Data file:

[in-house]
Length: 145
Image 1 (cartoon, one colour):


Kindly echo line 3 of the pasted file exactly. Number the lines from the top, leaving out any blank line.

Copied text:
Image 1 (cartoon, one colour):